Our Genomics Program

Our Genomics Program

2019 is the year that Black Star Angus fully embraces genomics. This year:

  • Every bull offered for sale on October 15th will have genomic enhanced EBVs and Sire Verified by DNA
  • Every female in our artificial breeding program will have genomic enhanced EBVs
  • Every calf born will be DNA sampled at birth and have genomic enhanced EBVs by the time they are weaned

What is Genomics?

Genomics is actually a pretty broad term referring to a range of technologies that provide information about an animal’s genetics by analysing and interpreting the animal’s DNA. In the seedstock industry, the term genomics is frequently used as shorthand for Genomic Prediction.

If you’d like more detail on DNA, genes and SNPs (written for cattle producers) then check out this Angus Australia article.

Genomic predictions are essentially a technology that:

  1. Analyses the DNA of an animal,
  2. Identifies genetic markers that we associate with various production traits,
  3. Uses the presence of those markers to predict of the genetic merit of the animal.

These predictions are then incorporated with any pedigree and performance information that has been recorded with Breedplan for an animal or its relatives to calculate EBVs of higher accuracy.

Selection Pressure

We started Black Star Angus in 2011. In the years that followed we had plenty of selection pressure that chose our replacement progeny for us. As a young establishing seedstock herd, getting type and structure right was the first priority. Then, like the rest of Angus breeders world-wide, there was the slow eradication of carriers of undesirable genetic conditions.

Eight years (of consistent breeding objective and discipline) later, selection pressure is more and more about Estimated Breeding Values (EBVs). As such, we need our EBVs to be as accurate as possible to help us evaluate each new crop.

In previous years we’ve been more selective in our genotyping and typically only tested donors and standing sires. These animals were genotyped because the rules at Angus Australia stipulate that any donor and stud sire needs their DNA on file for parent verification. It was logical to pay a little extra for genotyping to enhance those animals EBV’s. While this approach was of some benefit, it meant we’d already made key selection decisions to multiply the genetics of particular animals without the benefit of comparing them thoroughly with the rest of their cohort.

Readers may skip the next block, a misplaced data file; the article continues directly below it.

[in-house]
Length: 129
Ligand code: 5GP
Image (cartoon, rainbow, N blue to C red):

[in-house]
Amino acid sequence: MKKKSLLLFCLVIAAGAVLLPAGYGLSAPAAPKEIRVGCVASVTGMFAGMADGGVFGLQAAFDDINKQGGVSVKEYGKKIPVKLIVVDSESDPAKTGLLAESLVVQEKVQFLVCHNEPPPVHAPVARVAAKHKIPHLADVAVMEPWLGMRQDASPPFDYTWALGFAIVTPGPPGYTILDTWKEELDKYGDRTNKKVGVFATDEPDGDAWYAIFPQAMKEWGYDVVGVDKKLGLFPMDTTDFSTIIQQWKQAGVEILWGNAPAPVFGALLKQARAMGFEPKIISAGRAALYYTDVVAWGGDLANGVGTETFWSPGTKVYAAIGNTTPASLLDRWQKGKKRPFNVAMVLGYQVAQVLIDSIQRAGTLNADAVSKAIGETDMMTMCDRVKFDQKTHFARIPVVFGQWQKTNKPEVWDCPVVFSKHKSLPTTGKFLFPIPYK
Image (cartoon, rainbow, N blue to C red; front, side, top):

What are the benefits of Genomic Enhanced EBVs?

Accuracy. Genomics increases accuracy and brings accuracy forward in time by giving us data to inform EBVs before the animal is able to give that data. Let me explain… When a calf is born and has data submitted to Breedplan, it gains a full set of EBV’s. Most of those EBVs are simply the average of the two parents. Gestation Length (if bred by AI), Birthweight and Calving Ease are the only EBV’s with performance data available from the animal at this time. Adding Genomic predictions to the mix at this time gives us more data specific to that calf for traits that won’t have performance data until much later in life. Genomic predictions collected at birth enable us to make timely decisions such as selling surplus breeders with calves at foot or castrating males.